LINCOLN, NE.- Peace, Love, and the Psychedelic Sixties, an exhibition
drawn from of artworks in the Sheldon Museum of Art collection that
were created in the 1960s, opened recently.
The exhibition includes three elements. The largest component offers
artworks that express the mythologized vision of the 1960s still
alive in the popular imagination. These works are colorful,
dream-like and even psychedelic. They give the sense of
experimentation, vigor and youthful energy associated with the era.
In protest of the Vietnam War, hundreds of thousands of Americans
rallied in the streets in the late-1960s. The exhibition also
includes a Vietnam portfolio with poetry and art created in 1967 to
protest the war. Many artists dissented through print media: from Ad
Reinhardt's appeal to United States leaders to end the violence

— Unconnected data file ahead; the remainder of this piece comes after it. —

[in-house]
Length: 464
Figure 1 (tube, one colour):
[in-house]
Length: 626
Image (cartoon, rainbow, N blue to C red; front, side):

expressed in words printed on airmail stationery to Louise Nevelson's
Music was a central form of expression in the 1960s. Musicians
participated in Civil Rights rallies and anti-war protests. Large
crowds gathered to hear groups such as the Beatles, Jimi Hendrix, the
Grateful Dead and the Rolling Stones. The exhibition's third element
is a series of music posters created by Family Dog in San Francisco
to advertise upcoming concerts and appearances. Posters selected for
the exhibition document the range of creative expression using color
and psychedelic designs and graphics.
In conjunction with the exhibition, the Mary Riepma Ross Media Arts
Center will present 1960s films in its Movies on the Green series
beginning Tuesday, July 17, and running for six consecutive weeks.